Silent auctions are a great way to build momentum for a fundraising event, supplement live auction revenue, engage local donors and delight supporters. And as the holidays draw near, people will be interested in buying unique gifts for friends and family (and treating themselves!) while supporting your cause.
As we noted in a recent infographic, most items bring in 40 to 60 percent of their retail value. So you want to follow silent auction best practices that spur final bids to the higher end of that range. If you're new to organizing auctions, you may have some of these common questions on pricing, bid sheets, timing and more:
- Should we put the retail value on bid sheets?
- How do we determine minimum bids?
- Do you see value in Buy Now prices?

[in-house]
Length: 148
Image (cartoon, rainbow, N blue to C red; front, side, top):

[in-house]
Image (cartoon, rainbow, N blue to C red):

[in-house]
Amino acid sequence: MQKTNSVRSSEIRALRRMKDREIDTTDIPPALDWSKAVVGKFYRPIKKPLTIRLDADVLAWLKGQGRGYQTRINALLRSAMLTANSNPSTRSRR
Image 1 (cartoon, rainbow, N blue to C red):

- What are best practices in closing the silent auction?
- How do we expedite checkout?
- How can we avoid miscellanous problems?
Read on for expert answers and practical tips for turning your auction into an exciting, lucrative shopping spree.
Should we display the values on bid sheets? Is it illegal not to put the value? Are there any times when you would put a value on items?
This is a very common question among auction organizers—is it wise to display the item's retail value in marketing materials such as bid sheets, display materials, the auction catalog and online auction site?
Our take: It's typically not a good idea to include prices in your auction catalog and here's why.
We've found that displaying a starting bid creates a "glass ceiling" in the minds of your guests of how far they're willing to bid. Successful charity auction organizers know how to elevate items' perceived values, which has a lot more influence on final bids than their retail values.
Since your guests often won't know the exact worth of the auction lots, focus instead on highlighting the items and your mission. By omitting retail value (which is often difficult to accurately estimate anyway), bidding is free to go as high as guests perceive its worth.